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tv   Inside Story  Al Jazeera  December 4, 2015 6:30pm-7:01pm EST

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>> every monday night. >> i lived that character. >> go one on one with america's movers and shakers. >> we will be able to see change. >> gripping... inspiring... entertaining. "talk to al jazeera". monday, 6:00 eastern. only on al jazeera america. >> >> the unemployment rate hit 10% in 2009 and hitting hitting 4% in 2007. the jobless rate has been cut in half, but nobody seems to be happy with tha that. have we so soured on the job market we don't know good news when we see it?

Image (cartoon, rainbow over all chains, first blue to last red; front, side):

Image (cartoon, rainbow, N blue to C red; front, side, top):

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we'll talk about that and more with our guest labor secretary thomas perez, "cup half empty." that's the "inside story. . >> welcome to "inside story". i'm ray suarez. remember 2008 and 2009. hundreds of thousands of americans were losing their jobs monday after painful month. what would have been a tepid post 9/11 recovery disappeared. businesses went belly up, millions lost their houses or lost the equity they spent years to build. savings had been wiped out like it never happened. today the jobless rate is half of what it was at the height of the recession.